Nico’s birth was full of surprises for his mom Jennifer. The biggest one being that he was a boy, when all along she had been expecting a daughter. That wasn’t the only unexpected realization. He lacked a fully-formed tibia (the bone that connects the knee and ankle), was missing his left thumb, and had several structural heart disease defects, none of which had been diagnosed prenatally.
Unexpected heart defects
Nico was diagnosed with unbalanced AV Canal (AVC), Anomalous Pulmonary Venous Connection (APVC), and Ventricular Septal Defect (VSD) due to the underdevelopment and abnormal formation of his heart and major blood vessels. Jennifer learned early on that her son’s heart conditions were treatable with a series of open heart surgeries and/or cardiac catheterization procedures.
The day after he was born, Nico was transported to CHOC Children’s. He underwent his first heart surgery when he was only three days old, under the care of Dr. Richard Gates, a CHOC Children’s pediatric cardiothoracic surgeon and co-director of the CHOC Children’s Heart Institute. Nico’s second heart surgery happened before his first birthday, and he’ll have a third heart surgery later this year.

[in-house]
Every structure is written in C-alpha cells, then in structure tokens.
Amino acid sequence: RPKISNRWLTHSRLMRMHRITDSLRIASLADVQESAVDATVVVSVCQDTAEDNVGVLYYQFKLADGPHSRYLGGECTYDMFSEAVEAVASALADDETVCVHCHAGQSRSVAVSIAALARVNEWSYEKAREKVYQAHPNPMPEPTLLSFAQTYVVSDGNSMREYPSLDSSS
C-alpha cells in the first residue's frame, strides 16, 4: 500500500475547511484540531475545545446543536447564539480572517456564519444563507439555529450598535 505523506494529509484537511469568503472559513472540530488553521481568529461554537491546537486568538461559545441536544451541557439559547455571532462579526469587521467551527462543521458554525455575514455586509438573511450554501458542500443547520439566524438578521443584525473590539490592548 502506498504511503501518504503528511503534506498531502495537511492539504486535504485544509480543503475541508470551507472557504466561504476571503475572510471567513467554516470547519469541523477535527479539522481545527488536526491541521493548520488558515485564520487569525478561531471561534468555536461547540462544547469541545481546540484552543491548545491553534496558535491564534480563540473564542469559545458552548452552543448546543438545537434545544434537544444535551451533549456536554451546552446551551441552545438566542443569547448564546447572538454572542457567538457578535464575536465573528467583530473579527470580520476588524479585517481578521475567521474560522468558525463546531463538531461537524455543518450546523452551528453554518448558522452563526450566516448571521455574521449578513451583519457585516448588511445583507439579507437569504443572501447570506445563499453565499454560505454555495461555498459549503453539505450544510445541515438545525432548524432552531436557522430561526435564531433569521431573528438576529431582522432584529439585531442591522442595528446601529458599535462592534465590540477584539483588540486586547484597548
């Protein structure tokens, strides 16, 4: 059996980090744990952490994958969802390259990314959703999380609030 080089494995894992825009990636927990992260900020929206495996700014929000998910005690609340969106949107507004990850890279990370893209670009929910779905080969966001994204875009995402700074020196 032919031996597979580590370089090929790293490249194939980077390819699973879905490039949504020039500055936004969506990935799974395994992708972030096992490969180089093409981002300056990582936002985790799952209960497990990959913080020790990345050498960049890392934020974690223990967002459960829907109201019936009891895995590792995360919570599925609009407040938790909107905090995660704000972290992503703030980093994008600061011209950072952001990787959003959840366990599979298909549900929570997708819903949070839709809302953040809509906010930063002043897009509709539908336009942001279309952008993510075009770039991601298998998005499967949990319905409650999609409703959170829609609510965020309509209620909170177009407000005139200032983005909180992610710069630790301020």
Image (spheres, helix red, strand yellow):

“Despite Nico’s significant heart condition, he has responded well to each surgery, becoming stronger right before our eyes,” says Dr. Gates. “I look forward to his final surgery which should allow him to continue to be active and happy.”
Jennifer knew that someday Nico would need to have his leg amputated below the knee, Since Nico’s tibia bone connecting his knee and ankle wasn’t fully formed, it meant his ankle didn’t have the support it needed. Her original plan was to have that surgery performed at another facility closer to their home, when she was told they weren’t comfortable operating on his leg due to his heart conditions. Soon after, she and Nico were at CHOC meeting an orthopaedic specialist to discuss a prosthetic for his leg.